The program code is based on previous versions developed by our group during the past fifteen years and broadly follows the standard spectral code developed at the end of the 1980s by groups at Göttingen and at NASA Ames. The version used in our previous simulations has been widely distributed and is now used at the University of TX at Austin and Nagoya University in Japan, for example. For the present simulation, a newer version that removes several limitations of the older code has been developed, saving up to fifty percent of the memory requirements and improving code flexibility. For example, the older version could only be run efficiently in a number of nodes that was a divisor both of the number of computational planes in the wall-normal (y) direction, and of those in the streamwise (x) direction. The former is usually an order of magnitude smaller than the latter, and limited the use of that code to relatively small machines. That limitation has been removed from the present version. The new code also uses a higher-order Runge-Kutta time-stepper, allowing a longer time step, and a 'spectral' sixth-order Compact Finite Differences (CFD) discretization in the y-direction, which allows greater flexibility in the choice of the grid. Those two changes save about a factor of two in computer time.
The code uses Fourier discretization in x-z directions and CFD in the y direction, with mx*my*mz points (6144 * 633 * 4608 in this case). For each sub-step of R-K scheme, the data set is distributed in y-z planes. To avoid load imbalances, the number of processors must be divisible by the number of complex planes, (mgalx/3 after dealising, 2048 in the present case). While in this memory organization, the data is transformed from Fourier space in z to physical space in z. This is needed to compute the nonlinear terms of the Navier-Stokes equations.
After this, the data set is moved from y-z planes to x-lines using MPI routines. Then the data is transformed to physical space in x, and the nonlinear terms are computed using the 3/2 technique to avoid aliasing. The nonlinear term is then transformed back to x-Fourier, moved to y-z planes and transformed to z-Fourier. We then solve the viscous problem and move to the next sub step of the R-K. The two global (all to all) transposes needed in this step constitute most of the communication cost of the code.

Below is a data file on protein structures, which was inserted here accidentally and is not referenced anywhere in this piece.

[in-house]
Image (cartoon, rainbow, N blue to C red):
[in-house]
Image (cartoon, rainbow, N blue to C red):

In order to run this code in a supercomputer with more than 2048 processes with optimal performance, we did some specific optimization, such as tuning the code to take advantage of the vectorial instruction set of the PPC970-FX CPU. This was achieved using a version of the FFTW library provided by the Barcelona Supercomputing Center's Deep Computing research group. In addition, the most expensive I/O operations were assigned to dedicated processors to reduce the global file system contention. The latter approach allowed us to overlap the computing stage of 2048 processors with the massive writing operations, using only 60 extra processors. The aim was that the code was able to follow the normal execution while the dedicated processors saved to disk the huge amount of information produced by the code, up to 25 TB for the entire simulation.
The MareNostrum facility became the optimal platform to run this grand Challenge simulation because of the project's computational needs, together with the large amount of memory required per process and the huge amount of data interchanged, roughly 122 EB. It was a challenge for the support team of MareNostrum because of the simulation's size. MareNostrum is a facility available to the global scientific community.
In summary, using close to five million CPU-hours (more than 570 years in a single computer), we performed a landmark simulation in wall turbulence. While the full analysis of the results from this simulation will take several years, some results are already open to the community via the website http://torroja.dmt.upm.es.
For more information, visit the Barcelona Supercomputing Center website at www.bsc.es.